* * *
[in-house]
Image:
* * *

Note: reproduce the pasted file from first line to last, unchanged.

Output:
[in-house]
Image: